Dynamic Brazilian Test for Mechanical Characterization of Ceramic Ballistic Protection.
An armour system, both for protecting people and vehicles, is a structure made with the objective of stopping the trajectory of an impacting object, such as a projectile. The development of bullets, defined as kinetic energy penetrators, specifically designed to incorporate a hard steel or tungsten carbide penetrator as core, implies the use of multilayer protections, in which, usually, the first layer is made of ceramic materials, since they offer a good compromise between hardness, mechanical resistance in compression, and lightness.
The problem related to ceramic materials is that they are very brittle and can crack or fail because of a tensile wave generated from the reflection of the compressive one at the back free surface of the entire armour system. For these reasons, usually one or more rear layers, made of a ductile material (metallic and/or polymeric composite), are used to block the ceramic debris. The tasks of the ductile plates are also to support the ceramic tiles during the impact, delaying the crack initiation in the ceramic layer and absorbing the remaining kinetic energy of the projectile.
In general, during the impact between projectile and ceramic tile, the high strength of the two involved materials directly compete. Due to the high velocity at which the impact occurs (greater than 800 m/s), the strain state of the ceramic tile can be well approximated with a uniaxial strain (like in a flyer plate test) with a triaxial stress state and a consistent hydrostatic component. This implies that the material property of importance in the design of armour devices is the Hugoniot Elastic Limit ([[sigma].sub.HEL]), which, for a brittle material, represents the stress value at which the material stops to be able to resist penetration. This means that a good candidate material for armour devices must have a very high [[sigma].sub.HEL] combined with a high value of hardness. Another important aspect is related to the fact that the impact produces the sudden generation of shockwaves in the materials that propagate and are reflected at the interfaces. In the ceramic tiles, both planar and cylindrical waves are generated. The former propagate and when they reach the interfaces, they are reflected into tensile waves which can be responsible for the material failure by spalling. The latter propagate radially from the impacted zone and this produces a considerable tensile state in the hit part which is behind the shock front. This implies that, for a complete material characterization, the investigation of the tensile strength of ceramic materials is fundamental also, especially in the dynamic regime. This represents the basis of the present work, which is a part of a big research project, in which the final goals are the evaluation and the prediction of the response of a multilayer ballistic protection.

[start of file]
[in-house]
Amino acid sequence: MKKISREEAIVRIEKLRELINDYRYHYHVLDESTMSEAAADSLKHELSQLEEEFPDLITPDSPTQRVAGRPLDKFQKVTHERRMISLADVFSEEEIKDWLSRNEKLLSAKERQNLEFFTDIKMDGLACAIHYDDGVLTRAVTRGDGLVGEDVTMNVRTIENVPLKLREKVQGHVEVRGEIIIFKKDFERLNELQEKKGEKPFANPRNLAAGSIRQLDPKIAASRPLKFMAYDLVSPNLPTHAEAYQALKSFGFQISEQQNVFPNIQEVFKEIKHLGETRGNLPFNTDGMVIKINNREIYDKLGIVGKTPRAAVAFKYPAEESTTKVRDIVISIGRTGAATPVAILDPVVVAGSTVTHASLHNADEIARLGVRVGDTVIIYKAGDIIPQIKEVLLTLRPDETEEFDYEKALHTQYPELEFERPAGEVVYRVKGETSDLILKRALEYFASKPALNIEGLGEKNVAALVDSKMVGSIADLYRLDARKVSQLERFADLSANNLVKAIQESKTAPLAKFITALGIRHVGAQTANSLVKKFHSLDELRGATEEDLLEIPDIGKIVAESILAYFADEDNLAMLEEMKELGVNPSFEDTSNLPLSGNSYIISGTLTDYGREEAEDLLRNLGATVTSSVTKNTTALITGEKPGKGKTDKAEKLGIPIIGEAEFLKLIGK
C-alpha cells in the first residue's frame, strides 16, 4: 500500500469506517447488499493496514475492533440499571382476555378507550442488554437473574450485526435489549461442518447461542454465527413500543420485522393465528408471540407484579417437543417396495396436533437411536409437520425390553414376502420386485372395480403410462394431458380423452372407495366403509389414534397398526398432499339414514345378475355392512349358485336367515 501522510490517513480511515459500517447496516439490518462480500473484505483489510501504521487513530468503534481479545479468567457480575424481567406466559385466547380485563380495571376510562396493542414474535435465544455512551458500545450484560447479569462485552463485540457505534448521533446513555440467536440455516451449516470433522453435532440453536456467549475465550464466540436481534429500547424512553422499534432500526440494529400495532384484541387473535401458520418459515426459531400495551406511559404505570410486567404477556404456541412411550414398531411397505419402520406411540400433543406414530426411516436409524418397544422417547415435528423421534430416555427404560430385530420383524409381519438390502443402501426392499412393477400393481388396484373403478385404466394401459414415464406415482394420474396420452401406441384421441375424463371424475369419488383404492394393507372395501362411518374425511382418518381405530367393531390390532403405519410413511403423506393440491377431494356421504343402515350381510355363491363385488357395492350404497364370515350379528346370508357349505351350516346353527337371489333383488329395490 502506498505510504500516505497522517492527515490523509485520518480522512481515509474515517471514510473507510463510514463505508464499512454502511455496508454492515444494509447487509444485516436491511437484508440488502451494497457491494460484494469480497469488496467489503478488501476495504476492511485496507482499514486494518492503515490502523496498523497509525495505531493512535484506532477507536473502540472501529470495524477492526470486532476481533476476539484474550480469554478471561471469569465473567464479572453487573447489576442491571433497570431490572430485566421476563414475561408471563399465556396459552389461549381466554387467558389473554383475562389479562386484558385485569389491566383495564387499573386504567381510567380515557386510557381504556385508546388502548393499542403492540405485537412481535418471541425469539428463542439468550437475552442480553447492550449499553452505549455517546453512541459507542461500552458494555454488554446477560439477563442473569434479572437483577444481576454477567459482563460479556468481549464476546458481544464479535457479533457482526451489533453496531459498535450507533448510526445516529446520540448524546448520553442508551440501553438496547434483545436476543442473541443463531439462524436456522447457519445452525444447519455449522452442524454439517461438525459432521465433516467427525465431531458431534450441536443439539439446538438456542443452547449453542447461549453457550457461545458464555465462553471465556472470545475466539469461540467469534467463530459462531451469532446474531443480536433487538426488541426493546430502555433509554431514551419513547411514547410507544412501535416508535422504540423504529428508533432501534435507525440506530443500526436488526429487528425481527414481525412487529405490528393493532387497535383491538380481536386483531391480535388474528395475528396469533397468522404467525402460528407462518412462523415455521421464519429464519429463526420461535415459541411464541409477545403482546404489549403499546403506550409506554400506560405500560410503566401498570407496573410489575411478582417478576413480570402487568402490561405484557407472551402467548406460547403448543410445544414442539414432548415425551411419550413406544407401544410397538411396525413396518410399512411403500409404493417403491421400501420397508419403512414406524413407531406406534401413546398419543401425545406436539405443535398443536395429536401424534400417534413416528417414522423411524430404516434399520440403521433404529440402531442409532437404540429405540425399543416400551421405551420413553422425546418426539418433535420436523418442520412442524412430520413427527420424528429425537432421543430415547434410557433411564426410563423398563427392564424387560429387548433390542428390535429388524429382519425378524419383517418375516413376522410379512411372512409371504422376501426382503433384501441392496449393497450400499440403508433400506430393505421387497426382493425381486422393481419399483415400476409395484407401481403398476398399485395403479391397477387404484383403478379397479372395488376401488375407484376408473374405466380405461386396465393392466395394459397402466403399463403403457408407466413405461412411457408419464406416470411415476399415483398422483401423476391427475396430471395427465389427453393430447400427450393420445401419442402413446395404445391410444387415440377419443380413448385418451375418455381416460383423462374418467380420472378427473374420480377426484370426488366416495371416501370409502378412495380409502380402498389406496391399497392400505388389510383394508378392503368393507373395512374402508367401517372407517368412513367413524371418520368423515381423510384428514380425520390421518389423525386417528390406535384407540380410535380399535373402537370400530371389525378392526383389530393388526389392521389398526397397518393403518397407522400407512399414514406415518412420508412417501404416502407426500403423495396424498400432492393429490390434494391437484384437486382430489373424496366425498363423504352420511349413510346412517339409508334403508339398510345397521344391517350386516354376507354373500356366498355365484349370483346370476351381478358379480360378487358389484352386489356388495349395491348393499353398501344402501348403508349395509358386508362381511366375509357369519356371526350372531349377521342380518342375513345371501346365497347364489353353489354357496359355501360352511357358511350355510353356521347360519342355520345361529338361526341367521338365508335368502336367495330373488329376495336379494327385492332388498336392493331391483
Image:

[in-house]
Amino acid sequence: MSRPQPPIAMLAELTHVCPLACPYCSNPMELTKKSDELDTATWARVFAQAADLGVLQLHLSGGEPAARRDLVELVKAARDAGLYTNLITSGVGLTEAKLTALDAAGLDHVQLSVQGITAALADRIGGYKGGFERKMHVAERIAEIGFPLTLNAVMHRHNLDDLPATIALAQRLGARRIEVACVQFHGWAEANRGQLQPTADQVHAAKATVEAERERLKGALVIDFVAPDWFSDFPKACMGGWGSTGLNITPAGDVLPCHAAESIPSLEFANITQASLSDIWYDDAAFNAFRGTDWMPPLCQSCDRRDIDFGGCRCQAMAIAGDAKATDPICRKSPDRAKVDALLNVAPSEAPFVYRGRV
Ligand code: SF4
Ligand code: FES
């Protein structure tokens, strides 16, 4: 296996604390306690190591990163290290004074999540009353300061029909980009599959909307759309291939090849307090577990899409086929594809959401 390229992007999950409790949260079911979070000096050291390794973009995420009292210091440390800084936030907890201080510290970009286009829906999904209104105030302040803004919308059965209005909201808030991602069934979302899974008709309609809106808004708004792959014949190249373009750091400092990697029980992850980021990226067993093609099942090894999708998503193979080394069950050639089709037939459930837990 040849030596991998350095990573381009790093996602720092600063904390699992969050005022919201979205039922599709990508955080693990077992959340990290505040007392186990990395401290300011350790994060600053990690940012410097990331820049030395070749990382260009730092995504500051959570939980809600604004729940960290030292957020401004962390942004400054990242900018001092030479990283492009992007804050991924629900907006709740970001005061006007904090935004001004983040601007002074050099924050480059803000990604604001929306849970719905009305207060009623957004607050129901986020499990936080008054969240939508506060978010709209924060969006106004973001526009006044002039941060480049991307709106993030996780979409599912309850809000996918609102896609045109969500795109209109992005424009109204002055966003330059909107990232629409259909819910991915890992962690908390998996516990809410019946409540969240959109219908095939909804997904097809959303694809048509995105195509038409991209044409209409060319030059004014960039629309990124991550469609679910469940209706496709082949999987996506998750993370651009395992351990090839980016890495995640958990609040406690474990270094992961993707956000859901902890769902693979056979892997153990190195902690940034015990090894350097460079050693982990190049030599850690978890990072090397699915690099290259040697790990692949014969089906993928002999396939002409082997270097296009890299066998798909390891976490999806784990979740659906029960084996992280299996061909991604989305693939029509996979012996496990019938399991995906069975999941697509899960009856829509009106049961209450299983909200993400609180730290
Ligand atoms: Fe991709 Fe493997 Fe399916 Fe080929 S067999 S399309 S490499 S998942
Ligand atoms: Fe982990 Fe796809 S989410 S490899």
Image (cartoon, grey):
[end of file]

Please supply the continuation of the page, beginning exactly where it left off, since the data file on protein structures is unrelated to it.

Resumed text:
As previously described, the global response is strongly affected by the behaviour of the ceramic layer, which, in the present case, is made of alumina with a purity of 98% (Corbit98). Alumina is one of the most widely used materials in the family of engineering ceramic with an excellent combination of properties and an attractive price, which allows alumina to find applications in a very wide range of fields, including aerospace, civil, nuclear, and military applications [1-4]. A summary of its properties includes very high compressive strength (>3GPa), high hardness (>70 HRC), low density (3.6-3.8 g/[cm.sup.3]), high speed of sound (>7km/s), high operating temperature (up to 1500[degrees]C), high corrosion and wear resistances, good electrical insulation, and moderate thermal conductivity.
This work showed the results of the experimental investigation of the strength at failure under quasi-static and dynamic tensile loading conditions for Corbit98. The material characterization was obtained by performing Brazilian (or splitting) tests on cylindrical specimens. The high loading rate conditions were reached by using a Split Hopkinson Pressure Bar setup. High speed videos of the tests were acquired and used to validate the experiments by checking the crack propagation. The experimental results were analysed in order to investigate the sensitivity to loading rate and determine the maximum tensile strength of the material.
2. Bibliographic Review
The mechanical characterization of brittle materials, especially ceramic ones, under dynamic tensile loading condition represents an up-to-date research field especially due to the continuously increasing interest in the use of this class of materials for various applications. The experimental phase is a challenging task, even in quasi-static loading conditions, because the brittleness and hardness of these materials complicate the machining of specimens (often it is not possible to obtain dog-bone specimens for standard tensile tests) and the design of load transfer mechanisms (bending and misalignment can easily produce the early failure of the specimens). As expected, these difficulties become more important in the dynamic regime.